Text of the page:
By Charmaine A. Tadalan, April 29 2019; Business World
Image Credit to Philippine Star
CLOSER COORDINATION between government branches and among agencies, as well as clearer signals from Malacañang about its priorities will be needed to ensure that the delay in enactment that hounded this year’s national budget will not visit 2020’s P4.1-trillion spending plan, a top Budget official and economists said in separate recent interviews.
“We strongly urge all heads of departments, agencies, bureaus, offices, commissions, state universities and colleges, other instrumentalities of the National Government and all others concerned to strictly comply with the deadlines prescribed in the budget preparation calendar under the budget call,” Janet B. Abuel, officer-in-charge of the Department of Budget and Management (DBM), said in an e-mailed response to queries on Tuesday.
The DBM issued on Feb. 26 National Budget Memorandum (NBM) No. 131, or the National Budget Call for FY 2020, formally kicking off the process for next year’s spending plan. NBM 131 requires state offices to submit their proposed 2020 budgets on May 3. The DBM targets to submit the new consolidated state spending plan for approval by President Rodrigo R. Duterte and his Cabinet on June 17. Mr. Duterte will then submit the 2020 budget to lawmakers after his 4th State of the Nation Address on July 22, the day the 18th Congress opens its first regular session.
“The DBM will closely coordinate with the Office of the President and the rest of the Cabinet, and will continue to aim for the early submission of the FY 2020 National Expenditure Program to Congress in accordance with Section 22, Article VII of the 1987 Constitution,” Ms. Abuel said.
President Duterte signed on April 15 the 2019 national budget as Republic Act No. 11260, four months late, after a row between economic managers and leaders of the House of Representatives, and later on between leaders of the House and the Senate. He vetoed some P95.3 billion in appropriations that were deemed not in accordance with his administration’s priorities, slashing the total amount to P3.662 trillion.
University of Asia and the Pacific School of Law professor Natividad Cristina J. Gruet said Mr. Duterte could have been more emphatic in pressing his priorities on Congress.
“… [W]hat President Duterte could have done in hindsight really was to be more firm as regards to the kind of budget he preferred, which he did when he talked about vetoing the pork,” Ms. Gruet said in a telephone interview on Tuesday.
“But that [statement in early April that he would veto any appropriation deemed irregular] was a little too late in so many ways; it could have been done faster,” she added.
“But, honestly for me, it was clearly a power struggle in the upper and lower house and there was very little I think the President could have done at this point.”
Ms. Gruet added that Mr. Duterte could have talked more about reforms he wanted, instead of largely focusing on his anti-drug campaign.
“I think there should have been a lot more focus. President Duterte could provide more public speeches that would really set a strong signal to Congress about the priority of these reforms,” she said.
“At this point, of course, we are already familiar with how he gives his speeches. It’s still very much focus on the anti-drug campaign and very little attention to the reforms, fiscal reforms that are necessary for his ‘Build, Build, Build.”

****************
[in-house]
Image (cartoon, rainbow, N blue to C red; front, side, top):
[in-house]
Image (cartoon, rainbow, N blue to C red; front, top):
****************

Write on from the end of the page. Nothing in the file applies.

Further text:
Foundation for Economic Freedom President Calixto V. Chikiamco, said in a separate phone message, Wednesday, that the Legislative-Executive Development Advisory Council should “conduct regular meetings” to improve coordination between Malacañang and lawmakers
Sought for comment, Senate President Vicente C. Sotto III said budget legislation would have progressed better with transparency in the deliberations.
“More transparent budget deliberations and amendments and early submission of the House to the Senate will improve budget proceedings,” Mr. Sotto said in a phone message, Sunday.
For his part, Rizal Commercial Banking Corp. economist Michael L. Ricafort said even with the delay in the 2019 national budget, the 17th Congress performed well in passing fiscal reforms compared to its predecessors.
“Despite the delay in the 2019 national budget (that may otherwise signal greater prudence in terms of curbing/cracking down undue leakages), Congress has passed relatively bigger number of fiscal reform measures/legislative reform measures in recent months compared to previous years,” Mr. Ricafort said in an e-mail, Tuesday, citing laws that replaced quantitative restrictions on rice with regular tariffs in order to bring down prices of the staple, that further strengthened the central bank, and which slashed personal income tax rates but increased or added taxes on various products and services, among others.
“This sends a strong signal on the determination to pass more fiscal/legislative reform measures, especially those that structurally improve the government’s fiscal management in terms of increasing recurring tax revenues/other recurring revenue sources, as well as greater prudence in structurally curbing expenditures/leakages that may have been deemed unnecessary or inconsistent with the law/Constitution.”
For ING Bank N.V. senior economist Nicholas Antonio T. Mapa, Mr. Duterte “will likely retain control of both houses and this will be key yet again in furthering reforms and push his drive for ‘Build Build Build’ as the Philippines pushes on to attain a higher and more inclusive growth momentum.”
Nomura had said in an April 11 Global Markets Research note that Mr. Duterte will likely have enough allies in Congress to push for remaining tax reforms, citing his consistently “high” net satisfaction rating.